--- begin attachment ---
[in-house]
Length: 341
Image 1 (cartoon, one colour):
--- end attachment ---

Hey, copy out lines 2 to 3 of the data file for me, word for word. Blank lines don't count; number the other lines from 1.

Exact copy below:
Length: 341
Image 1 (cartoon, one colour):